The Essence Of Delicacy

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The raindrops fall outside my basement apartment Saturday morning, March 26, 2016. (Photo by Shelton Burch | Poet598.Wordpress.com)

What a beautiful day!

That *click, click, click* sound of the raindrops on the pavement is a bit how I imagine soft-shoe tap should be, or like good choir music: soft, but not “weak.” Not even necessarily “restrained.” Delicacy is an art, and the rain is delicate. It does not restrain itself, but rather it gives only what it needs to give to make its point then stops. There’s tremendous beauty in controlled strength. Why else would non-dancers watch dance.┬á­čÖé

I realize I’ve just given you a lot with that one, so I’ll stop. Have a good day everyone┬á:).

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Starting My Health Journal

ImageThis is my health Journal.

As I take Jazz Dance 1 this semester, I’m told that for part of our grade we have what’s called a “professionalism” rubric. It has cool stuff on it, such as being punctual and that kind of thing. There’s lots on there, and this is just one component.

So when I found out that I would have to do this, I had the idea to write it on here. Thus, a new header up on the top hopefully.

So here is my first post, for my kind teacher and for all of you who might ever be curious. This is how I’m starting the semester :). Enjoy

Feb 6th, 2014. Entry 1

These are┬ámy newest objects of….meh, semi-obsession. As a distance runner, I’ve been constantly trying to step up my game. At age 24, I feel like I’m getting to a point physically where I’m able to do more and push myself harder with less chance for injury than ever before. Runner’s World magazine, as well as a host of other sources that┬áI’ve scoured over the topic, point me to that. But here’s the problem. Take a look around you, just pause and look around, and see if you can see a wall. Now if you’ve eventually looked back at this post and are reading this, well then good, I haven’t lost you. Now consider this. That wall you just looked at…meh, it’s probably more flexible then me at the current moment. If┬áeach of us┬áhad to touch the floor while standing straight up, it’d probably be easier for that wall do it than it currently is for me. I hope that’s an exaggeration, but it might not be.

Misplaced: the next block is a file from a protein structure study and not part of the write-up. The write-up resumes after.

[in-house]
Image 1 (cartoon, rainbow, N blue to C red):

So here’s the point; I need to work on my flexibility. I knew that starting 2014. Now, I’m doing something about it. This semester, I’ve begun to practice Yoga. Just a basic, generic yoga while I look up and research different types and figure out if I actually like this stuff. I formally began my practice on January 27th when I signed up for the the 30-Day Challenge at DoYouYoga.com with Erin Motz. She’s a beast, a completely awesome teacher who bases her practice on the idea that Yoga can be for everyone; not just those who want to take it as a religion and not just for those who have hours a day to practice. Her videos are all under 30 minutes so far, (though I’m only on day 11 yet). She’s great though. As I go into Jazz Dance 1 with┬ámy┬ábeloved teacher┬áevery Tuesday and Thursday, I am reminded of how far I have to go as an athlete, and it’s something I love. I see these girls, and even some of the other guys, demonstrate flexibility in a way it will take me some time to achieve. And I love it. As a runner I’m not world class, but I have it down more or less, and now it’s just a matter of fine tuning it for me. Improving my diet, doing core work and other things to strengthen muscles that support my running, and that kind of thing.